Gov. Beshear Provides Update on COVID-19

​​​​​​​Visit the Governor’s Facebook page to watch today’s news conference

FRANKFORT, Ky. (Aug. 20, 2020) – Gov. Andy Beshear on Thursday updated Kentuckians on the state’s continuing efforts to fight the novel coronavirus 2019 (COVID-19) in the commonwealth.

“Today’s report is good news and bad news. This virus is still out there and still aggressively spreading,” said Gov. Beshear. “But our positivity rate is now down to 5.18%, which is headed in the right direction.”

Case Information
As of 4 p.m. Aug. 20, Gov. Beshear said there were at least 41,626 coronavirus cases in Kentucky, 726 of which were newly reported Thursday. Twenty of the newly reported cases were from children ages 5 and younger.

“Let’s make sure we make the right decisions to keep our cases low. Let’s make sure we wear our masks and stay six feet apart,” said Gov. Beshear.

Unfortunately, Gov. Beshear reported 14 new deaths Thursday, raising the total to 856 Kentuckians lost to the virus.

The deaths reported Thursday include a 66-year-old man from Barren County; a 95-year-old woman from Clay County; two men, ages 81 and 88, from Fayette County; an 88-year-old woman from Gallatin County; a 55-year-old man from Graves County; an 84-year-old woman from Harlan County; a 77-year-old woman from Hopkins County; an 89-year-old man from Jackson County; a 57-year-old man from Marion County; a 96-year-old woman from Oldham County; a 65-year-old woman from Pulaski County; and a 76-year-old man from Warren County. One family asked for their loved one’s demographics not to be shared.

“We are announcing 14 new deaths today. That’s 38 deaths in just three days. We have to understand that this is not just real, this virus takes lives from us,” said Gov. Beshear.

As of Thursday, there have been at least 794,282 coronavirus tests performed in Kentucky. The positivity rate currently stands at 5.18%. At least 9,388 Kentuckians have recovered from the virus.

For additional information, including up-to-date lists of positive cases and deaths, as well as breakdowns of coronavirus infections by county, race and ethnicity, click here. To see all recent daily reports, click here.

Census Update
Today, Cabinet for Health and Family Services Secretary Eric Friedlander reminded Kentuckians of the importance of completing the 2020 census at or by calling 844-330-2020. Kentuckians most comfortable in a language other than English can find multilingual census phone numbers here. At last count, 66.2% of Kentuckians have completed their census questionnaires. The deadline to submit once-per-decade census forms is Sept. 30, 2020.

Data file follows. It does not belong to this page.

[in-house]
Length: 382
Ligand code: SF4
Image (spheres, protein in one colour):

“Our hospitals, health care providers, social service agencies, housing authority and other organizations receive grant funding based on the number of people and the demographics of the population they serve. Let’s not leave their supplemental funding on the table,” said Secretary Friedlander. “Furthermore, congressional and state legislative seats are based on population, which means if we don’t complete the census, we threaten our ability to be heard in Washington and here in Frankfort.”

Department of Aging and Independent Living Update
Today, Secretary Friedlander updated Kentuckians on the accomplishments of the Kentucky Department of Aging and Independent Living (DAIL) since the beginning of the COVID-19 pandemic.

“For Kentucky’s 900,000 plus seniors ages 60 and up who live independently in our communities, nutrition has often been an issue,” said Secretary Friedlander. “For some of these vulnerable Kentuckians, it’s been a matter of transportation. For others, it’s been about not having enough money to pay for basic needs. For still others, they have had difficulty preparing meals. None of this is what we want for our seniors.”

DAIL has served 2.1 million meals to seniors in fiscal year 2020, and specifically, 1.4 million meals since March.

“DAIL has provided senior center meals and home-delivered meals thanks to the passage of the Older Americans Act in 1965. For some, this is their only meal of the day,” said Secretary Friedlander. “This is one of those success stories that should make us all proud to be Kentuckians.”

Secretary Friedlander highlighted that senior meals are another program supported by census completion.

“Federal funding for senior meals is based off of our census numbers. Let’s ensure Kentucky has increased funding to feed seniors as we are one of the fastest aging states in the nation,” said Secretary Friedlander.

Kentuckians who are interested in supporting seniors in their communities can reach out to local senior centers to volunteer to deliver meals. Kentuckians ages 60 and older who need meals may call the Aging and Disability Resource Center at 877-925-0037.